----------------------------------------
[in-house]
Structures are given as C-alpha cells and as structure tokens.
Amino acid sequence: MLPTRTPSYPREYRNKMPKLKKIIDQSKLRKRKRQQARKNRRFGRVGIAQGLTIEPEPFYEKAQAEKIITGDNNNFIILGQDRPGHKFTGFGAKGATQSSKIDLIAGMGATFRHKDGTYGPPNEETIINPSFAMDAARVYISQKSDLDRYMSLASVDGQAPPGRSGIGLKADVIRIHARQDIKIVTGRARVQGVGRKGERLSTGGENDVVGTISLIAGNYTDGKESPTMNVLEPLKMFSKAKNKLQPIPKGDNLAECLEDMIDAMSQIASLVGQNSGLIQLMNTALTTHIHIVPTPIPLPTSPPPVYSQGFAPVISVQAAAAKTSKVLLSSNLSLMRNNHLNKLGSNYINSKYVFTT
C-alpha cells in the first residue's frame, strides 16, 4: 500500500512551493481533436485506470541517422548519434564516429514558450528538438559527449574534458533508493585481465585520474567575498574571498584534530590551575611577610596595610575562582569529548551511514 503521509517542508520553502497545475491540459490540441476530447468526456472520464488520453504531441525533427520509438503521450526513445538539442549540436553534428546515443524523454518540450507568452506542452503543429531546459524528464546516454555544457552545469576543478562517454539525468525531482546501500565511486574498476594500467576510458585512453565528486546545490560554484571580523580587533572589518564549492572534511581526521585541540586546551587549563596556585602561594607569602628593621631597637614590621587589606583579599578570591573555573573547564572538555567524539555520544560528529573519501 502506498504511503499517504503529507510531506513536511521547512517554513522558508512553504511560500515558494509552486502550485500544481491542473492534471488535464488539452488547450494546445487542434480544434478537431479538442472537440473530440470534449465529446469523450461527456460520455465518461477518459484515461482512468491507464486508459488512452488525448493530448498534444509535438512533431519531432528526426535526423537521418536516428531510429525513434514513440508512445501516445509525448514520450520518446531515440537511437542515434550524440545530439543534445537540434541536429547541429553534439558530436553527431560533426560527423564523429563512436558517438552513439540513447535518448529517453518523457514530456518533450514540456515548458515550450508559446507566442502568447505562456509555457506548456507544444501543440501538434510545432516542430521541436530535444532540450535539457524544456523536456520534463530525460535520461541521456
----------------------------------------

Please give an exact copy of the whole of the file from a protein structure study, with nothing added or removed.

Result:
[in-house]
Structures are given as C-alpha cells and as structure tokens.
Amino acid sequence: MLPTRTPSYPREYRNKMPKLKKIIDQSKLRKRKRQQARKNRRFGRVGIAQGLTIEPEPFYEKAQAEKIITGDNNNFIILGQDRPGHKFTGFGAKGATQSSKIDLIAGMGATFRHKDGTYGPPNEETIINPSFAMDAARVYISQKSDLDRYMSLASVDGQAPPGRSGIGLKADVIRIHARQDIKIVTGRARVQGVGRKGERLSTGGENDVVGTISLIAGNYTDGKESPTMNVLEPLKMFSKAKNKLQPIPKGDNLAECLEDMIDAMSQIASLVGQNSGLIQLMNTALTTHIHIVPTPIPLPTSPPPVYSQGFAPVISVQAAAAKTSKVLLSSNLSLMRNNHLNKLGSNYINSKYVFTT
C-alpha cells in the first residue's frame, strides 16, 4: 500500500512551493481533436485506470541517422548519434564516429514558450528538438559527449574534458533508493585481465585520474567575498574571498584534530590551575611577610596595610575562582569529548551511514 503521509517542508520553502497545475491540459490540441476530447468526456472520464488520453504531441525533427520509438503521450526513445538539442549540436553534428546515443524523454518540450507568452506542452503543429531546459524528464546516454555544457552545469576543478562517454539525468525531482546501500565511486574498476594500467576510458585512453565528486546545490560554484571580523580587533572589518564549492572534511581526521585541540586546551587549563596556585602561594607569602628593621631597637614590621587589606583579599578570591573555573573547564572538555567524539555520544560528529573519501 502506498504511503499517504503529507510531506513536511521547512517554513522558508512553504511560500515558494509552486502550485500544481491542473492534471488535464488539452488547450494546445487542434480544434478537431479538442472537440473530440470534449465529446469523450461527456460520455465518461477518459484515461482512468491507464486508459488512452488525448493530448498534444509535438512533431519531432528526426535526423537521418536516428531510429525513434514513440508512445501516445509525448514520450520518446531515440537511437542515434550524440545530439543534445537540434541536429547541429553534439558530436553527431560533426560527423564523429563512436558517438552513439540513447535518448529517453518523457514530456518533450514540456515548458515550450508559446507566442502568447505562456509555457506548456507544444501543440501538434510545432516542430521541436530535444532540450535539457524544456523536456520534463530525460535520461541521456